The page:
We had Passover dinner (called "seder") at David's mom's house earlier this evening. As with all Jewish holidays, there's a great deal of religious significance represented in the food and prayers. David practiced his Hebrew reading from the "Haggadah", a booklet of instruction and explanation for all the Passover rituals and traditions.
There are very specific objects for this holiday, including a floral centrepiece and lighted candles. A large platter is placed in front of the one conducting the Seder, with the following:
- Three matzohs, placed in the three separate sections of a (a specially designed) Matzoh Cover, or in the folds of a large napkin
- roasted shankbone
- a roasted egg
- bitter herbs, cut into small pieces, or ground horseradish
- charoses, a mixture of nuts, apple and cinnamon, finely chopped and mixed with a little wine
- parsley, lettuce or watercress, cut into small pieces.
The following are placed on the table for the participants:
- One or more dishes of salt water, depending on the number of participants
- a wine goblet in front of each place; a large goblet, filled with wine, at the centre of the table -- this is the Cup of Elijah
- if desired, for convenience, extra dishes of bitter-herbs and charoses can be placed on the table.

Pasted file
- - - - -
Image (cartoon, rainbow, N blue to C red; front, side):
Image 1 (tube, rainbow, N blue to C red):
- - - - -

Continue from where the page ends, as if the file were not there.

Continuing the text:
A pillow or cushion is placed on the left arm of the chair used by the Leader, or on another chair close to it.
Well, this being 2005, we didn't follow the instructions of the Haggadah to the letter, but we did indulge in a lot of Kosher DESSERTS!
David's mom also gave us a Passover card (yes, Hallmark covers Jewish holidays, too), which is that little blue corner of paper sticking out underneath the top layer of matzoh brei in the upper left photo. She mentioned that children are supposed to go look for hidden "gifts", but that isn't mentioned in the Haggadah, so it's probably something someone slipped in to compensate for missing out on chocolate Easter eggs. (Mom edits these traditions as suits her, says David.)
Here's what's on the cover of the card:
A Seder Plate for the New Millennium
(clockwise from the top)
Egg (Beaters): cholesterol-free alternative
Greens: stir-fried with a little low-sodium soy sauce
(Gourmet Greek) Charoset: apples, pine nuts, balsamic vinegar, grape leaves
(Jalapeno) Matzah with sun-dried tomatoes
Bitter Herb: Espresso
(Vegetarian) Shank Bone: tofu-on-a-stick